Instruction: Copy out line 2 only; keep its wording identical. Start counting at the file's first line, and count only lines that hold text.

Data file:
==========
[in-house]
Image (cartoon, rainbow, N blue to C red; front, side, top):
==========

Image (cartoon, rainbow, N blue to C red; front, side, top):